A huge ship’s engine failed and was sitting in port for 3 hours with passengers on board. The ship owners tried one expert after another, but none of them could figure how to fix the engine. Eventually, they brought in an old man who had been fixing ships since he was a youngster. He carried a large bag of tools with him, and when he arrived, he immediately went to work. He inspected the engine very carefully, top to bottom.

The ship owners were there, watching this man, hoping he would know what to do. After looking things over, the old man reached into his bag and pulled out a small hammer. He gently tapped something. Instantly, the engine lurched into life. He carefully put his hammer away. The engine was fixed! A week later, the owners received a bill from the old man for $10,000.

“What?!” the owners exclaimed. “He hardly did anything!”

So they wrote the old man a note saying, “Please send us an itemized bill.”

The man sent a bill that read:

Tapping with a hammer $ 2.00
Knowing where to tap $ 9,998.00

Effort is important, but knowing where to make an effort (where to tap) in your life makes all the difference. What can you do better than anyone else? What is a special piece of knowledge that you have that could be valuable to someone else? What are you putting your energy and time into? Make it count. Let it pay. And pay well. Not only in terms of money but also the quality! Tap it right!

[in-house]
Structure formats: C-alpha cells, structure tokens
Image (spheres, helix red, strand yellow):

PS.. The old man knew a secret. That time is money. And he follows the cruise lines annual reports which are available, and includes ticket revenue, onboard revenue, and a count of ships by line. You could do the math with some assumptions about length of a cruise (so as not to count turnaround days).

So the the old man knew based on some simple math that the ship was loosing about $4,644/hour for 3 hours,  so far in 3 hours over  $13,932. His bill when looking at from this perspective was a bargain when you take into account lost revenue , and potential of  2,500 unhappy customers who are posting the late departure reasons on social media to all their family and friends. 

Here’s how a little analytics with a bit of information plays out.
Ticket sales are about 75% of revenue, and onboard sales is most of the rest (about 23%), with the rest being tours.

for 2012:
$11.7 Billion in ticket sales
$3.5 billion in onboard sales
100 cruise ships

Simple math:
$35 million in onboard sales per ship
Average 52 turnaround days => 366-52 = 314 sailing days
$111,465 sales/day

What’s an average ship size? 2500?
$1.85 per passenger per hour (more or less…)